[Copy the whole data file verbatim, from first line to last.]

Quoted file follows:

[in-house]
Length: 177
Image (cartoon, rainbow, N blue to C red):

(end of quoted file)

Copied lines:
[in-house]
Length: 177
Image (cartoon, rainbow, N blue to C red):